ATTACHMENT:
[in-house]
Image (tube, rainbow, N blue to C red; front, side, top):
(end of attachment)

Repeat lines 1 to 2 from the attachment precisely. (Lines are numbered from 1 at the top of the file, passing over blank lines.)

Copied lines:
[in-house]
Image (tube, rainbow, N blue to C red; front, side, top):